Republicans will push for this. If the GOP takes back Congress, support for impeachment will be strong. Question is, will leadership go along? House Minority Leader Kevin McCarthy says a GOP majority won’t impeach Biden for “political reasons.” That might seem like the GOP won’t impeach, but Nancy Pelosi also tamped down impeachment enthusiasm among her party colleagues until embracing it in late 2019. McCarthy could easily change his tune with a majority—and if his own side pushes him. Republicans don’t need to bring up impeachment to highlight the border crisis. The party is already campaigning on the issue going into the election.
The catastrophic border crisis and Biden’s other disasters might persuade Republicans to support impeachment, certainly an extraordinary move. But it will only happen if McCarthy knows he has the votes to pass it. Losing that vote would make Republicans look impotent, and likely unable to carry out other threats to rein in Biden’s border treason or anything else.
One certainty is that Republicans will not be able to remove Biden, Harris, or Homeland Security Chief Alejandro Mayorkas from office. No Democrat in the Senate would vote for it and it’s very possible some squishy Republicans—Mitt Romney, for instance—will vote against it. However, that same situation didn’t dissuade Democrats from impeaching Trump twice. More Republicans will push for impeachment as time goes on. Knowing they can’t remove Biden or any of his cronies will make Republicans focus more on impeaching him simply to send a message.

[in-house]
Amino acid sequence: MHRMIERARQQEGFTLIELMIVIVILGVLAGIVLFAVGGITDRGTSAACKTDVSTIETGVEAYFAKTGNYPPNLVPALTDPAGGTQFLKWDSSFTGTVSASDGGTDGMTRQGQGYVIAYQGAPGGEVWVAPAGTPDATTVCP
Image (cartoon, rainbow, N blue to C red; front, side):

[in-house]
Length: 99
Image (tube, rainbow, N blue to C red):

A Mayorkas impeachment might take place if he becomes the face of the border crisis. But Republicans most certainly would prefer fingering Biden as the culprit.
Will Republicans support ending birthright citizenship?